Cartoons are true to what the artist sees, not the subject. Think about it: did your family look the way you drew them when you were five? Lurid exaggeration comes naturally, for some reason. In school, there’s always one kid drawing something rude. Gay Telese wrote a story about the actor Peter O’Toole once, where a young O’Toole drew a penis on a picture of a horse, and defended himself (unsuccessfully) from opprobrium, by saying: “I was only drawing what I saw!” The urge to break taboos is stronger in artists. As Shaun Ladd and Tony Cook’s short documentary, Portrait, shows: cartoonist Ben Jennings is a proud addition to the line of pen and ink provocateurs. His sketches are tumescent with daring.
Beginning with a selection of Ben’s early (I’d say about eight-year-old) self-portraits, the film cleverly withholds any head shots. Even when Ben is speaking directly to camera, we only see the lower half of his face. The focus is always on his work. Ben draws satire with a scatological bent. He’s like Ralph Steadman with less violence, or Gerald Scarfe with more sex. The penis seems to be at the forefront of Ben’s work; vaginas run a close second. In keeping with the William Hogarth tradition of depicting life in excess, he’s fond of sweaty caricature. As he says, “twisted subject matter is just more interesting.” The documentary attempts to draw Ben out, using his cartoons to give us clues about the man.
In Terry Zwigoff’s film about Robert Crumb, someone says (of Crumb): “the only voice he had was his pen”. Ben Jennings isn’t that far gone, thankfully for him, but there is a little of Robert Crumb’s reticence about him. Like Crumb, he’s relentlessly self-effacing. Like Crumb, his drawings are sometimes mean. I’m not saying Ben has the same deep-rooted misogyny as Crumb, but he’s not afraid to plumb his psyche, and draw from the depths – the same as Crumb. Ben’s comic strip about Katie Price is a good example of creating from the unconscious. It’s full of weird prurience and unchecked thoughts. Like Crumb’s alternative comics, where women can be both monstrous and alluring, Ben’s artwork is characterised by unresolved feelings. Sex is disgusting, but it’s also omnipresent. Ben is like a pervy disciple, prostrate before the power of the crotch.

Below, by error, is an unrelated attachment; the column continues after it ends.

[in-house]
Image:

That’s a pretty daft way to put things, I know. But there’s no getting away from the sexual neuroses that seem to influence Ben’s drawings. He hasn’t made sex his exclusive focus. There are, thank God, no confessions of onanism while making a sketch (something Crumb, alas, has confessed to). However, even when Ben draws himself, his mouth becomes a sexual orifice. As he describes his relationship with his mother (in a deft and witty piece of editing) his hands are folded over a cartoon vagina. You get the sense that Ben, in a very British way, is sometimes mortified by what he’s drawn. His parents do not appear on screen. Their response, perhaps, has too many sides for the space of ten minutes.
Where Terry Zwigoff spent six years, and a two hour running time, tracing the internecine strife in Robert Crumb’s family, Shaun Ladd and Tony Cook have decided, wisely, to limit the scope of their short film. Ben Jennings is less of an outsider than Crumb. His cartoons have a recognisable pedigree. He doesn’t harbour a trenchant hatred for the modern world; he only wants to lampoon it. He’s as immersed in popular culture as anyone his age. For Crumb, such familiarity would be unthinkable. Distance distinguishes Crumb almost as much as his fetish for big butts. There’s a fissure in his heart. It’s not so with Ben. He’s almost effusive about his love for his mum. He only holds back his feelings because he’s British.
Documentary-maker Errol Morris once said: “The proper route to an understanding of the world is an examination of our errors about it.” That seems like a good axiom for those who draw (and those who look at) cartoons. A distorted reality is more accurate to what we see. Satirical cartoons have no patience for euphemism or modesty. They show us life in the raw, often nightmarish. Ralph Steadman’s drawings look like exposed nerves. The same visceral quality could be applied to Ben’s work. Let’s face it, he isn’t likely to be hired by The Beano. Sometimes he does set out to shock, but Portrait isn’t a film about sensationalism. It’s about the insatiable urge to draw. Ben can’t picture himself without cartoons.